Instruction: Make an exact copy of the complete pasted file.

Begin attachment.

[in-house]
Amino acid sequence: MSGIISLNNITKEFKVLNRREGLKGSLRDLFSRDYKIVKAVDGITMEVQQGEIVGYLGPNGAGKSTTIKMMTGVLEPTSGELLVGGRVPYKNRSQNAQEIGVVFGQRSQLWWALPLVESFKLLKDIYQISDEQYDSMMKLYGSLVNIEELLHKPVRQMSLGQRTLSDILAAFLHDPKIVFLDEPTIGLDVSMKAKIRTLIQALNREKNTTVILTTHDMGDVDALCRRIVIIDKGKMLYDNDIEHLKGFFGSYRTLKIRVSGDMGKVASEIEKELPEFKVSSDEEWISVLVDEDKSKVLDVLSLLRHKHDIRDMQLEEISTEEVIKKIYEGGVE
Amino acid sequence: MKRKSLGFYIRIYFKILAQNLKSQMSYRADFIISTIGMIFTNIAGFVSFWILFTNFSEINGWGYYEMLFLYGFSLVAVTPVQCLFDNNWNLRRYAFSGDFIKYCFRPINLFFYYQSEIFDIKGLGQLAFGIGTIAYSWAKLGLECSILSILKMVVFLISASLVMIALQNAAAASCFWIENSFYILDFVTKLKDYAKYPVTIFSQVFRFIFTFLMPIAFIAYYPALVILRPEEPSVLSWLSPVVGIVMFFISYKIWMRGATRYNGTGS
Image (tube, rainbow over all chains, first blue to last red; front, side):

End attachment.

[in-house]
Amino acid sequence: MSGIISLNNITKEFKVLNRREGLKGSLRDLFSRDYKIVKAVDGITMEVQQGEIVGYLGPNGAGKSTTIKMMTGVLEPTSGELLVGGRVPYKNRSQNAQEIGVVFGQRSQLWWALPLVESFKLLKDIYQISDEQYDSMMKLYGSLVNIEELLHKPVRQMSLGQRTLSDILAAFLHDPKIVFLDEPTIGLDVSMKAKIRTLIQALNREKNTTVILTTHDMGDVDALCRRIVIIDKGKMLYDNDIEHLKGFFGSYRTLKIRVSGDMGKVASEIEKELPEFKVSSDEEWISVLVDEDKSKVLDVLSLLRHKHDIRDMQLEEISTEEVIKKIYEGGVE
Amino acid sequence: MKRKSLGFYIRIYFKILAQNLKSQMSYRADFIISTIGMIFTNIAGFVSFWILFTNFSEINGWGYYEMLFLYGFSLVAVTPVQCLFDNNWNLRRYAFSGDFIKYCFRPINLFFYYQSEIFDIKGLGQLAFGIGTIAYSWAKLGLECSILSILKMVVFLISASLVMIALQNAAAASCFWIENSFYILDFVTKLKDYAKYPVTIFSQVFRFIFTFLMPIAFIAYYPALVILRPEEPSVLSWLSPVVGIVMFFISYKIWMRGATRYNGTGS
Image (tube, rainbow over all chains, first blue to last red; front, side):